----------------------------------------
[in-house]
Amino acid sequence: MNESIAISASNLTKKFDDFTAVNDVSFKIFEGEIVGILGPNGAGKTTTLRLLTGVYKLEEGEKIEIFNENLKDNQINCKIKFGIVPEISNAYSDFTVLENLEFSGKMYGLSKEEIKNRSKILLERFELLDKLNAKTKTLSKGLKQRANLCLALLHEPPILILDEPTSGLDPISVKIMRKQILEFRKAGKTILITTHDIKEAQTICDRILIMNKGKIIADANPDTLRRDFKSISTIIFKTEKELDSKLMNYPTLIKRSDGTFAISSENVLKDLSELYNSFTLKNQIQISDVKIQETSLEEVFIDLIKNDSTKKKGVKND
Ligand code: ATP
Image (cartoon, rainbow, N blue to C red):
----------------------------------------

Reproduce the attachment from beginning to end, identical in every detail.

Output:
[in-house]
Amino acid sequence: MNESIAISASNLTKKFDDFTAVNDVSFKIFEGEIVGILGPNGAGKTTTLRLLTGVYKLEEGEKIEIFNENLKDNQINCKIKFGIVPEISNAYSDFTVLENLEFSGKMYGLSKEEIKNRSKILLERFELLDKLNAKTKTLSKGLKQRANLCLALLHEPPILILDEPTSGLDPISVKIMRKQILEFRKAGKTILITTHDIKEAQTICDRILIMNKGKIIADANPDTLRRDFKSISTIIFKTEKELDSKLMNYPTLIKRSDGTFAISSENVLKDLSELYNSFTLKNQIQISDVKIQETSLEEVFIDLIKNDSTKKKGVKND
Ligand code: ATP
Image (cartoon, rainbow, N blue to C red):